Abstract
Finite geometry, the study of highly symmetric and structured configurations, has proven its worth in many branches of fundamental mathematics. Although one can investigate these finite structures on their own, they really shine in their various applications in coding theory, extremal combinatorics, computer science, and so on. In this thesis we contribute to the interplay of finite geometry with two other topics in algebra and combinatorics.
The first topic deals with tilings in finite abelian groups, which is in its essence not so different from daytoday tilings where one tries to tile a surface with a fixed tile, without overlap. Already 50 years ago, researchers have investigated a classification of possible tilings, but quickly reached the limit of their techniques. Several conjectures were posed which related the existence of such tilings to algebraic properties or stating that in certain groups, only the obvious tilings are possible and no exotic examples occur. Both conjectures are open to this day, but progress is made in the thesis by looking at these problems from a geometric point of view. In this way we could, among other results, confirm the conjectures in small cases or refute it in other ones.
The second topic is situated in extremal combinatorics, where we try to derive global properties from local restrictions. A typical example is that of EKRproblems, named after the pioneers Erdős, Ko and Rado, where we look in a finite universe of objects for the largest subset such that no two are “far away”, where this notion depends on the given context. We generalize problems that were previously studied and introduce a new algebraic technique which allows us to give new and simpler proofs of earlier results and put them in a broader context.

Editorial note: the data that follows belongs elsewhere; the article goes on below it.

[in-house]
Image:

As happens often in mathematics, the obtained results raise more new questions than they answer. The interdisciplinary point of view seems to not have reached its limits yet and holds a lot of promise. As such, the underlying goal of the thesis is to offer a solid foundation for further research in this interplay of finite geometry and the aforementioned topics.
The first topic deals with tilings in finite abelian groups, which is in its essence not so different from daytoday tilings where one tries to tile a surface with a fixed tile, without overlap. Already 50 years ago, researchers have investigated a classification of possible tilings, but quickly reached the limit of their techniques. Several conjectures were posed which related the existence of such tilings to algebraic properties or stating that in certain groups, only the obvious tilings are possible and no exotic examples occur. Both conjectures are open to this day, but progress is made in the thesis by looking at these problems from a geometric point of view. In this way we could, among other results, confirm the conjectures in small cases or refute it in other ones.
The second topic is situated in extremal combinatorics, where we try to derive global properties from local restrictions. A typical example is that of EKRproblems, named after the pioneers Erdős, Ko and Rado, where we look in a finite universe of objects for the largest subset such that no two are “far away”, where this notion depends on the given context. We generalize problems that were previously studied and introduce a new algebraic technique which allows us to give new and simpler proofs of earlier results and put them in a broader context.
As happens often in mathematics, the obtained results raise more new questions than they answer. The interdisciplinary point of view seems to not have reached its limits yet and holds a lot of promise. As such, the underlying goal of the thesis is to offer a solid foundation for further research in this interplay of finite geometry and the aforementioned topics.
Original language  English 

Awarding Institution 

Supervisors/Advisors 

Award date  25 May 2022 
Publication status  Published  2022